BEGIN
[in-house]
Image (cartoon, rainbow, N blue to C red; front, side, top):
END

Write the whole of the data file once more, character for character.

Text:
[in-house]
Image (cartoon, rainbow, N blue to C red; front, side, top):